Answer by Andy Zavoina:
This spreadsheet tool may help. Your disclosures should identify the customers liability which could be under both "E" and "VISA", depending on the transactions "path". The templates in Reg. E do not provide for the debit card limitations which can be as low as zero. But don't eliminate text that this liability exists.
1998 saw some major changes effective April 1, 1999. Here is an excerpt from an article I wrote for ComplianceAction back around that time.
Under the old rule, POS claims automatically had 20 days to be investigated and there was no need to provide provisional credit before that. Claims could then take as long as 90 calendar days to be completed. Under the current (new) rules, all claims investigations will be completed within 10 business days or a provisional credit will be required. There is one exception to this, the New Account Rule.
The New Account Rule provides that if an electronic fund transfer which is claimed to be in error, occurs within the first 30 days of the initial deposit, the institution has 20 days to investigate the claim or to pay a provisional credit. If the credit is made, the institution may take up to 90 days to complete its investigation.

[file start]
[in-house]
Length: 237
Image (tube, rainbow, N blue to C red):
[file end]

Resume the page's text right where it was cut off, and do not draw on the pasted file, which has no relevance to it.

Institutions also have up to 90 days to investigate POS claims and foreign-initiated debit card claims. Do not be confused by the term “debit card”. The meaning here did not change and is not exclusive to true debit cards. Whether your institution issues debit cards or ATM cards, either combined or separated by function, they fall into this definition. The term debit card was in the text before these changes were made and true debit cards, as we know them today, became so popular. “Foreign-initiated” also has a significant meaning. Do not confuse this with a “foreign transaction”, defined as one not on your banks system and possibly subject to a surcharge. This means a transaction not initiated within a state. “State” is defined in the regulation to include any state, territory, or possession of the United States, the District of Columbia, the Commonwealth of Puerto Rico or and political subdivision of these.
Answer by John Burnett:
If you are putting your error resolution notice on your monthly statements, you can use the short form, which doesn't mention any time limits. I recommend this highly.
However, you will still need to make sure your initial disclosures refer to the 10 day rule and 90 day rule. These might have to be consigned to the scrap heap in order to start disclosing correctly. Do make sure you refer to the Visa lower liability limits when you revise these disclosures.
First published on BankersOnline.com 9/2/03